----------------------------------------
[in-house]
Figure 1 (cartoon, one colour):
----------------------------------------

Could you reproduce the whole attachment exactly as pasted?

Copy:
[in-house]
Figure 1 (cartoon, one colour):